Heart: A History was easy to read, filled with great stories and research and provided an exciting overview of monumental strides made in twentieth century medicine.  It also fed my curiosity and obsession with surgery that often gets fulfilled while watching medical shows on tv including Chicago Med, Untold Stories of the ER and the graphic Dr. Pimple Popper!  I highly recommend this book to those who have a curiosity about science and the heart.

Goodreads Summary

Sandeep Jauhar

About the Author:

Sandeep Jauhar has written three books, all published by Farrar, Straus, and Giroux. His first book, “Intern: A Doctor’s Initiation,” was a national bestseller and was optioned by NBC for a dramatic television series.

His second book, “Doctored: The Disillusionment of an American Physician,” released in August 2014, was a New York Times bestseller and was named a New York Post Best Book of 2014. It was praised as “highly engaging and disarmingly candid” by The Wall Street Journal, “beautifully written and unsparing” by The Boston Globe, and “extraordinary, brave and even shocking” by The New York Times.

Heart: A History,” his latest book, an Amazon Best Book of the Month, tells the colorful and little-known story of the doctors who risked their careers and the patients who risked their lives to know and heal our most vital organ. It has been praised as “gripping…(and) strange and captivating” by The New York Times, “fascinating” by The Washington Post, “poignant and chattily erudite” by The Wall Street Journal, and “elegiac” by The American Scholar. It was named a best book of 2018 by the Mail on Sunday, Science Friday, Zocalo Public Square, and the Los Angeles Public Library, and was the PBS NewsHour/New York Times book club pick for January 2019.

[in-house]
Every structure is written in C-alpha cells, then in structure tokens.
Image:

A practicing cardiologist, Jauhar is currently a contributing opinion writer for The New York Times. He has appeared frequently on National Public Radio, CNN, and MSNBC to discuss issues related to medicine, and his essays have also been published in The Wall Street Journal, Time, and Slate. To learn more about him and his work, visit his website at or follow him on Twitter: @sjauhar.


  1. Hi Jen, I live in Southport and love your reviews. I was also at the author talk at the Fairfield library when Delia Owens was there. I wish I had known you were there because I would’ve liked to thank you for your reviews in person.

    I have kept a journal of books I have read over the last 40+ years. Recently I am reading about 60 books annually. You send out a review daily, or almost daily. My question is whether you get to read all these books. You often give me ideas, or review something I have already read.

    So thank you, and know that I appreciate your blog.

    Chris Cook

    Sent from my iPad


    • Hi Chris! Thanks so much for your comments. I loved meeting Delia Owens…after hearing her speak you can understand how her life experiences have shaped how she has developed as a writer and it certainly provided insight into her main character. As for my reviews, I only write about books I have read cover to cover. I don’t get paid for my blog posts or reviews that get picked up at any organization ( often publishes my reviews and I am the official reviewer for I keep track of everything I read on Goodreads and once in a while I’ll read something I don’t blog about but I have been lucky when it comes to choosing what to read. I generally know what I like and can usually find something good to write about each book I read. So glad to connect with you here and hopefully we will meet in person at the next author event! Best, Jennifer